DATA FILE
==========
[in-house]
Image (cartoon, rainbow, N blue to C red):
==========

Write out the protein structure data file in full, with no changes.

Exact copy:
[in-house]
Image (cartoon, rainbow, N blue to C red):